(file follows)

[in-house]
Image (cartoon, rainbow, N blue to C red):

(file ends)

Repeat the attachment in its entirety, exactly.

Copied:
[in-house]
Image (cartoon, rainbow, N blue to C red):